The race for the 66th Assembly District is heating up. On Oct. 4, 2012, the first debate between the two contenders, state prosecutor Al Muratsuchi and small-business owner Craig Huey, took place in the George Nakano Theater in Torrance, sponsored by the Torrance Police Officers Association.
About Torrance Unified School District Board Member Al Muratsuchi, I have commented that he appears to be “union bought and paid for.” Still, he also advertises himself as an “Independent,” a real choice for the voters looking for sound representation in Sacramento. In a recent mailer, Muratsuchi claims that he is “Pro-Choice”, while Huey is an “Anti-Choice” ideologue, trying to play up a social issue which does not weigh on the minds of voters, unlike the disturbing number of businesses fleeing the state because of high taxes and overregulation.
Yet at the end of the debate sponsored by the Torrance Police Officers Association, Mr. Muratsuchi still refused to give up the $8,000 that he received from the California Teachers Association, citing that he was receiving money from many sources. For a candidate who supports choice, he apparently does not differ with organizations which refuse to empower school districts with the choice of removing predatory and dangerously dysfunctional instructors from the classroom.
Furthermore, Mr. Muratsuchi has failed to establish his views—or his choice, if you will—on the matter of Proposition 13, the spearhead of the 1978 Tax Revolt that required legislators to amass a two-thirds majority before raising taxes while fixing property tax rates low.
In the October 4 debate, Mr. Muratsuchi did come forward declaring that he supports Prop 13, despite the “false accusations” of Mr. Huey. He emphasized that he “does not like taxes.” Yet the Torrance School Board member neglected to mention that Huey has signed a pledge to protect Prop 13, while all we have is Muratsuchi’s word.
The word of a political candidate means nothing when he has received considerable contributions from public sector unions and other special interests. Not once has Mr. Muratsuchi explained how he would lead or even contribute to comprehensive pension reform in Sacramento, nor did he allay the latent concern that he has a vested interest to protect – his pension as a school board member and state prosecutor. He remains mum because of public sector money, no doubt.
Later in the debate, the Torrance School Board member signaled that Torrance schools are suffering tremendously because of the severe budget cuts severing funding from the classroom. Unfortunately, not once did Muratsuchi explain the increasing role of spiraling pension and medical costs for retired teachers imagine on public education because. He claimed that retired teachers take in an average of $36,000 a year. Yet even Cal-STRS submitted a larger sum, one which rivals the pay of active teachers in 28 states. Pension obligations in total in California have now reached $500 billion, yet Muratsuchi contends that he does not want to lambaste public sector officials as “scapegoats.” Of course, no mention was made of Mark Berndt from Miramonte Elementary, the alleged predator now on trial for multiple lewd acts against children. He is still slated to receive his $4,000 a month pension.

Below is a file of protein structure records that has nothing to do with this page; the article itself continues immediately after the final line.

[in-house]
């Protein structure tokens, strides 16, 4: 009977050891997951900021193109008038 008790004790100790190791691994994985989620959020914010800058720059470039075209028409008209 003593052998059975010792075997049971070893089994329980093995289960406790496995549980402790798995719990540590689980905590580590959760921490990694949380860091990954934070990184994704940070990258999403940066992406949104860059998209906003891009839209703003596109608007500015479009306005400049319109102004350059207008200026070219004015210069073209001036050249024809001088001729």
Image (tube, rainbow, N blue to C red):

Prop 13 is about protecting the taxpayer and the property owner from the political class. Prop 13 forced Governor Jerry Brown to present and promote Prop 30 on the November ballot, which would impose a 0.25% sales tax increase and a series of higher tax rates on income earners from $250,000 and above. Like many “soak the rich” advocates, Muratsuchi, a Prop 30 supporter because of dwindling public school revenues, refuses to recognize that small businesses by and large file as individuals, and thus would bear the brunt of this job-killing, investment stalling tax increase. While Sacramento stacks schools against taxpayers, as if they do not have a choice, no one from the statehouse on down has established any comprehensive reforms relating to how the revenues are collected, allocated, and invested. Even The San Francisco Chronicle exposed the extraneous overlapping and waste which still dominate in Sacramento to this day.
At the end of the debate, the country prosecutor claimed that actions speak louder than words, rebuffing Huey’s repeated challenge for his Democratic opponent to divest himself of the funds and endorsement from the public sector unions and career politicians who define the dysfunction in Sacramento. If Mr. Muratsuchi wishes to maintain his independence and his insistence that he will honor the interests of the taxpayer and the property owners in the South Bay, the vast majority of whom want to keep their homes, keep their jobs, and keep their tax rates low, then Al Muratsuchi must sign the Petition to Save Prop 13. No action would speak louder than his signature assuring South Bay voters that he will protect Prop 13, keep the two-thirds majority requirement for tax increases and keep property tax rates low.
Sign the Pledge, Al, or get out of the race!